The Des Moines Register from Des Moines, Iowa on October 16, 1977 · Page 60
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October 16, 1977

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The Des Moines Register from Des Moines, Iowa · Page 60

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Des Moines, Iowa
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Sunday, October 16, 1977
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Page 60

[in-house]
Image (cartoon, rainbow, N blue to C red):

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/CAREERS DES MOINES SUNDAY REGISTER • OCTOBER 16,1977 /4E She's the only registered woman architect in Iowa By MARY BRYSON Horn* FurMiMnn Editor MOUNT PLEASANT, IA. - "I wanted a career that would be a challenge — and I found it," says the only woman architect registered in Iowa. "Sometimes, it seemed like too much of a challenge," explained Barbara Taylor Welander, a woman who admires contemporary architecture — while living in a century-old farmhouse just south of Mount Pleasant. "For example, it took almost 10 years out of my life before I really was ready to earn a living in the profession. By then, I was married and, when I took my Iowa State Board examination, our first child was on the way, which delayed work for awhile. Outside of my apprenticeship, I haven't been able yet to work full-time as an architect. "However, it's a great part-time career to combine with rearing a family and with living a full life as a wife and homemaker," she says. Barbara received her bachelor of architecture degree from Iowa State University in Ames. These days, she is almost bogged down with all her conflicting demands and interests. Priorities start with her veterinarian husband and two small sons, David, 5, and Matthew, 3. Then there's the big old house the Welanders are restoring. She goes from sanding furniture, to chipping plaster off of brick walls, to dashing out to the yard to close the gate before little Mark wanders off, to answering the phone (often a call from a farmer with an ailing cow). In between, she makes beds, cooks meals, serves on fund-raising and membership drives for such organizations as the Mount Pleasant Community Chest, the Henry County Cancer Association and the Girl Scout Shining Trail Council. She also is active in church work and has been township chairwoman of the Henry County Memorial Hospital Auxiliary. This year, she is president of the Iowa Veterinary Medical Association Auxiliary. Hours for career She fishes and picnics with her family at their cabin on the Skunk Photos by LARRY E. NEIBERGALL Welander home near Mount Pleasant has old-fashioned charm. River and is learning to pilot the plane, which she and her husband purchased last year. So, when does she find time to be an architect? "That's what's so great about it," she says. "I can take on a project, work a few days a week and do much of the work at home — often with the boys working at their own small desk in my drafting room. "I can turn down a project if things are hectic, but there always seems to be a demand for part-time architectural work. Last year, I worked three days a week for about five months, then didn't do anything for several months." This year, Barbara is working on a free-lance basis, completing drawings for the Fedral Land Bank Association and Production Credit Association building in Mount Pleasant. She also is the inspecting architect for an apartment under construction in Mount Pleasant and is beginning work on the final drawings for an elementary school addition in Fairfield. When her sons are older, she Flat in back? Try this Why grow old? By JOSEPHINE LOWMAN For firming and curving a flat rear hipline do the following exercise. Lie on the floor, on your abdomen, legs together and knees straight. Bend your elbows and rest your chin on your hands. Raise your left leg up as high as you can with a stiff knee, toes pointed. Lower leg. Do this 10 times with left leg and 10 times with the right leg. Isometric exercises For your copy of the booklet, "Isometric Exercises for Women," send 25 cents and a long, stamped, self-addressed envelope with your request to Josephine Lowman, in care of The Des Moines Sunday Register. expects to spend more time on her career and is continuing her architectural studies to keep up with innovations in the field. Liberated Despite all the duties that make her career seem secondary, Barbara maintains, "I'm a truly liberated woman. I'm doing what I want to do." Her husband, Dr. Robert Welander, has encouraged her in her work and was pleased and proud that in 1975, as the only woman architect registered in Iowa, she was named as one of the Ten Outstanding Young Women of America. The program, supported by several leading women's organizations, recognizes women between the ages of 21 and 35 for civic and professional accomplishments. Barbara chose architecture as a career because a high school proficiency test showed she was superior in mathematics, engineering and art. "I enjoyed the precision of drafting and, while I found some of the work difficult, it all was interesting," she explained. "Architecture, of course, is so much more than merely making artistic floor plans or creative designs for house exteriors. The structural drawings and engineering features often are even more important, which may be why there aren't more women in architecture." Few women infield James Lynch of Des Moines, president of the State Board of Architectural Examiners, agrees. Despite women's liberation, there are only about 500 women among the 88,00fr architects registered in the country. "It's a profession that does not attract many women for several reasons," Lynch explained. "It can take longer to become a registered architect than to become a doctor. It now takes from six to eight years of schooling, depending on the school, The Welanders (top picture) relax on the spacious porch that Robert Welander built for a summer family room. In Barbara Welander's drafting room (bottom), Matthew (left) and David have special "work areas." They keep busy while their mother checks blueprints. plus three years of internship. Not many women want to devote that much time to training. "In addition, the construction side seems to appeal more to men than it does to women. However, there are some excellent women architects in America, but not many." Victorian farmhouse The Welanders' Victorian farmhouse, on a windswept hill near Mount Pleasant, was shabby and run-down when the couple purchased it 10 years ago. It had been rental property and, though structurally sound, needed a lot of work. The couple simply camped out several months while they cleaned things up and made the house livable. Then they started restoring it, room by room. They added a new roof, insulation, new chimney, plumbing, stairs and storm windows. Every room needed repairs and complete redecorating. In addition, they remodeled the kitchen, enlarged a utility room, built on a garage, a living-porch, breezeway and 20- by 42-foot workshop, where he does everything from repairing old furniture to making spindles for the stairway. He has done all the building and remodeling work himself. He defers, however, to the professional in the family and has her draw up plans for building projects. "It probably seems strange for a contemporary architect to be living in a Victorian house," said Barbara. "But I grew up happily in Mount Pleasant in a big old house and we wanted the space and character and the feeling of country living that this house provides." The Everything Coat Keep off the cold and repel the rain in (hit* attractive storm coat from Count Komi Very versatile with a warm acrylic zip in and out lining, shell coat is cotton and polyester. Also available in other . Sitcb 6 to 12. $118 DRESSING NOW . . . Soft and adaptable. Waistline and cuffs neatly gathered on elastic tot a figure flattering dress Regular Retail $33.50 OUR PRICE 22.40 Supremely soft, suede like split skirt with blouson top Regular Retail $49.50 OUR PRICE 33.10 Many other styles of dresses /available. Sizes 3/4-13/14 -Alii washable L See our fashions presented at ihe / ( Drawbridge Restaur- 1 \ ant, West Des \ \ Moines, Thursdays V at lunch. \J THREE LOCATIONS LAMOWI DE§ MOINCS CLEAR LAM LamoniExit.lrit. 35 1239 - 73rd Str«« iOOOHwyiS-E